By Bill McAllister, Washington Correspondent
That was the reaction of a former postal executive to the recent disclosure that the financially troubled United States Postal Service has been funding a TV drama aimed at children.
No other federal agency is directly underwriting programs for commercial television, said the Deadline Hollywood website.
According to Deadline Hollywood, the USPS has spent $5.4 million since 2014 on a program featuring postal inspectors and could spend millions more on the show, now in production for its second season on CBS.
Word of the funding shocked mail industry officials in Washington because the USPS has been proclaiming itself in dire financial shape for six years, unable to make millions in required payments to the federal treasury.
Gene del Polito, the longtime president of the Association of Postal Commerce, noted it takes “a boatload of money” to produce a TV show.
“Given all the poor-mouthing, you’d think Congress might want to know why that money is being spent in that manner,” he told Linn’s.
Postal officials say the program is paying big benefits and drawing strong audiences.
“We’re always looking for innovative ways to get our message out and this is just another avenue,” chief postal inspector Guy Cottrell was quoted as saying in a news release posted on the USPS website in 2015 when the show debuted.
The release did not reveal that the USPS was underwriting the show’s production with monies collected by the Postal Inspection Service.
Deadline Hollywood disclosed in August that Litton Syndications Inc., a South Carolina-based television production company, had secured a contract with the USPS to develop what a Freedom of Information Act response described as “a consumer awareness crime prevention” series titled The Inspectors.
The two-year contract was for $5.4 million. It began in September 2014, and runs to Sept. 14, 2016, with options to extend the contract two times for one-year periods.
The 30-minute episodes are carried by CBS in a three-hour block of children’s programming on Saturday mornings, the website said.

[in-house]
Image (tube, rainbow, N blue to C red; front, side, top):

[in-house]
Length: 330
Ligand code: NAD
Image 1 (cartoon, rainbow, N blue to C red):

Paul J. Krenn, a spokesman for the U.S. Postal Inspection Service, praised the program in an e-mail to Linn’s.
“We’re proud of this innovative approach to consumer education and fraud prevention using television as a medium to extend the reach of our crime prevention campaign,” he said.
Krenn also said that the $5.4 million does not come from either tax funds or postal rate payers.
The money comes from an assets forfeiture fund and criminal penalties paid by individuals prosecuted by the Postal Inspection Service.
The funds are awarded the agency for “specific purposes that include consumer fraud and crime prevention education,” Krenn said.
Litton creates the shows based on actual cases handled by postal inspectors, Krenn said.
“We contribute concepts and ideas concerning the cases that are depicted, but the overall creative [control] and direction of the show is under Litton’s control,” the spokesman said.
USPS began discussion with Litton about the program in 2012, two years before the contract was signed, Krenn said.
“Over the course of two years we engaged in a dialog across the organization and into USPS leadership ranks, concerning the concept … and whether this pioneering approach was the right one for an organization that typically has been very conservative in its methodology,” he said.
What the Postal Inspection Service discovered was “overwhelming support for the idea” both within and outside the USPS, Krenn said.
Krenn said that then Postmaster General Patrick Donahoe was consulted before the Postal Inspection Service decided to go ahead with the program.
The show has allowed the USPIS to be “engaging audiences in a sustained manner that far exceeds anything we’ve previously been able to achieve outside this television show,” Krenn said.
The end credits for the episodes mention that the Postal Inspection Service has sponsored the show, according to the Deadline Hollywood website.
That should place the show in compliance with Federal Communication Commission rules, the site said.